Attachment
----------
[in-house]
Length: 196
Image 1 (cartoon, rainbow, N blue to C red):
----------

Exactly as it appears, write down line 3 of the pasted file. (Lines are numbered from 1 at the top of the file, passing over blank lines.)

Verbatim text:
Image 1 (cartoon, rainbow, N blue to C red):